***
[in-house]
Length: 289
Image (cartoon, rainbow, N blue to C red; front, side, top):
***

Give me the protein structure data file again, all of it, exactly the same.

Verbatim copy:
[in-house]
Length: 289
Image (cartoon, rainbow, N blue to C red; front, side, top):